Doubling up and deciding leadership

Doubling up with the Giro and Tour could well be a possibility. In his first two seasons with Team Ineos, Bernal has ridden the Tour de France as his sole Grand Tour of the season, but he will already be seen as mature enough to handle two three-week races in one campaign.

"The past two seasons I prefer to do just one Grand Tour, but maybe next year I would like to do two. It depends how I finish the first Grand Tour I do," he said.

"Maybe if I go to the Giro and I’m really tired, I will not go to the Tour. But if I’m fresh… well, not fresh, but if I feel I can go to the Tour – maybe to help or to try to do GC – for sure I will ask the team to go. It depends how I feel at the end of the first one I do."

The idea of returning to the Tour de France in a support role, is one that has been raised by Froome himself. The 34-year-old has won the Tour four times and is chasing a fifth title that would draw him level with Eddy Merckx, Jacques Anquetil, and Bernard Hinault, but is still in the relatively early stages of his recovery from the June crash that left him with a broken femur, sternum, elbow, and vertebrae. 

Earlier this month, Froome claimed Bernal was willing to support him at the 2020 Tour, and Bernal confirmed that, albeit with the same caveat of it depending on who's stronger when the time comes.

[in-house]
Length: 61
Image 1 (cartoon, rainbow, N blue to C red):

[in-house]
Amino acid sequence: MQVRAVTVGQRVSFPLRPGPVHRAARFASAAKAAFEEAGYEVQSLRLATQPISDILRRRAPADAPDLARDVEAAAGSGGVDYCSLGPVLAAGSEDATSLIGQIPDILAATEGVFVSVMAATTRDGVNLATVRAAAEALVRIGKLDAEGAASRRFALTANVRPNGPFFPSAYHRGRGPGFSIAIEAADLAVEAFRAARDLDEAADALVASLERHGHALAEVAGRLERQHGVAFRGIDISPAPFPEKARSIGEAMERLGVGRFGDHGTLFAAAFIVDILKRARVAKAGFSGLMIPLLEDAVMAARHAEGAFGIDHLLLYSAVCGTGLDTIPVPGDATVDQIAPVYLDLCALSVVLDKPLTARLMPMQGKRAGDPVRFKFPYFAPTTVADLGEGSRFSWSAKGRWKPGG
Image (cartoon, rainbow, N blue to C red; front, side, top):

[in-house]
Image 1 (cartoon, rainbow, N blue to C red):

"Froome, I think he’s the best, I have a lot of respect for him. For me, it would be a big honour to help Froomey to win his fifth Tour, if he’s in a better condition than me," Bernal said.

The idea that leadership will be assigned by default, according to who emerges as the strongest rider, is something that will apply across the board at Team Ineos next year.

"The relationship between us all is good – or at least I myself have a good relationship with them all. With Carapaz it’s really easy because we speak the same language, our countries are really close and we have more or less the same culture, so it’s easy to understand each other. With G it’s also really good – this year in the Tour he was really calm and always really easy.

"We cannot start to think now about who will be the leader. In the end, whoever is the best on the road will be the Team Ineos leader."

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Patrick Fletcher
Deputy Editor

Deputy Editor. Patrick is an NCTJ-trained journalist who has seven years’ experience covering professional cycling. He has a modern languages degree from Durham University and has been able to put it to some use in what is a multi-lingual sport, with a particular focus on French and Spanish-speaking riders. After joining Cyclingnews as a staff writer on the back of work experience, Patrick became Features Editor in 2018 and oversaw significant growth in the site’s long-form and in-depth output. Since 2022 he has been Deputy Editor, taking more responsibility for the site’s content as a whole, while still writing and - despite a pandemic-induced hiatus - travelling to races around the world. Away from cycling, Patrick spends most of his time playing or watching other forms of sport - football, tennis, trail running, darts, to name a few, but he draws the line at rugby.